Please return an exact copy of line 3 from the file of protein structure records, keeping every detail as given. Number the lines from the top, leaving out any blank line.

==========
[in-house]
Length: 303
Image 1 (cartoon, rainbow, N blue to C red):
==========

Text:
Image 1 (cartoon, rainbow, N blue to C red):